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Eur J Pharmacol. 2010 Aug 10;639(1-3):47-58. doi: 10.1016/j.ejphar.2010.01.029. Epub 2010 Apr 2.

Cognitive effects of Group I metabotropic glutamate receptor ligands in the context of drug addiction.

Author information

1
Center for Drug and Alcohol Programs, Department of Psychiatry, Medical University of South Carolina, 67 President Street, MSC 861, Charleston, SC 29425, USA. olive@musc.edu

Abstract

Glutamate plays a pivotal role in regulating drug self-administration and drug-seeking behavior, and the past decade has witnessed a substantial surge of interest in the role of Group I metabotropic glutamate receptors (mGlu(1) and mGlu(5) receptors) in mediating these behaviors. As will be reviewed here, Group I mGlu receptors are involved in normal and drug-induced synaptic plasticity, drug reward, reinforcement and relapse-like behaviors, and addiction-related cognitive processes such as maladaptive learning and memory, behavioral inflexibility, and extinction learning. Animal models of addiction have revealed that antagonists of Group I mGlu receptors, particularly the mGlu(5) receptor, reduce self-administration of virtually all drugs of abuse. Since inhibitors of mGlu5 receptor function have now entered clinical trials for other medical conditions and appear to be well-tolerated, a key question that remains unanswered is - what changes in cognition are produced by these compounds that result in reduced drug intake and drug-seeking behavior? Finally, in contrast to mGlu(5) receptor antagonists, recent studies have indicated that positive allosteric modulation of mGlu(5) receptors actually enhances synaptic plasticity and improves various aspects of cognition, including spatial learning, behavioral flexibility, and extinction of drug-seeking behavior. Thus, while inhibition of Group I mGlu receptor function may reduce drug reward, reinforcement, and relapse-related behaviors, positive allosteric modulation of the mGlu5 receptor subtype may actually enhance cognition and potentially reverse some of the cognitive deficits associated with chronic drug use.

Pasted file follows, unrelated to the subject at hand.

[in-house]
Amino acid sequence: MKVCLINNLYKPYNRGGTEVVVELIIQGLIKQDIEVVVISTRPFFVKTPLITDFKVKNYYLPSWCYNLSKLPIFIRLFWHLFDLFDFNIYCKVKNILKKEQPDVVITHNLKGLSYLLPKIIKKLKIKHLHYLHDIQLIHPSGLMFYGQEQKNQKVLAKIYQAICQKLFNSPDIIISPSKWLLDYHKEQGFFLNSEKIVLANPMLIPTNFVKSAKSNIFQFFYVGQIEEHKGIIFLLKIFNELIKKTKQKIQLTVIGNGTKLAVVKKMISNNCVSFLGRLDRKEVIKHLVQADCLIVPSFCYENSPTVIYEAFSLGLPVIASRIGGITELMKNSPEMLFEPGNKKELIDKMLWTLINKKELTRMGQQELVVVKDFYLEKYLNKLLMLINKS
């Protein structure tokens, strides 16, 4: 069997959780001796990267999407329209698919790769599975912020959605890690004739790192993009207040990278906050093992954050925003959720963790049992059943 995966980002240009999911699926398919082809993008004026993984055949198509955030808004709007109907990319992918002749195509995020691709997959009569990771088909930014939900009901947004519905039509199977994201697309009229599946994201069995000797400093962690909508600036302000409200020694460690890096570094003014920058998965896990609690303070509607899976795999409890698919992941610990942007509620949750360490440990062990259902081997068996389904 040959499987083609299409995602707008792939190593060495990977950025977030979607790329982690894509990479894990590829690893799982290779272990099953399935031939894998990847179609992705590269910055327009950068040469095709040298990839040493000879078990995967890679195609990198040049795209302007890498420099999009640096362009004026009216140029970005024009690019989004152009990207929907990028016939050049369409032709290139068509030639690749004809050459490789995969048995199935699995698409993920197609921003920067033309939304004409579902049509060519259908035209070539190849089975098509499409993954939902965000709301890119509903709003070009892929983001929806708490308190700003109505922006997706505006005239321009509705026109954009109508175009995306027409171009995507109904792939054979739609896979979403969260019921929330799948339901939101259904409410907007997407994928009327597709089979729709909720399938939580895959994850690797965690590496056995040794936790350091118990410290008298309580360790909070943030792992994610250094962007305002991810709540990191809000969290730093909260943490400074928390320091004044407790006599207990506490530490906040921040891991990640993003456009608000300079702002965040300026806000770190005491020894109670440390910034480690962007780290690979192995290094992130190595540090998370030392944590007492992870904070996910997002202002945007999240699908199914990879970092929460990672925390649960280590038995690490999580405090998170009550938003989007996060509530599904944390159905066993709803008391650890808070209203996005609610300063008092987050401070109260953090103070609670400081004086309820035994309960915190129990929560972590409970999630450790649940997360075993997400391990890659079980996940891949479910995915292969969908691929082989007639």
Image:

PMID:
20371237
PMCID:
PMC2891107
DOI:
10.1016/j.ejphar.2010.01.029
[Indexed for MEDLINE]
Free PMC Article
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